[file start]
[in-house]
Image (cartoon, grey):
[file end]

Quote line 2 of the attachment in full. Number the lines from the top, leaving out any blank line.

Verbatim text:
Image (cartoon, grey):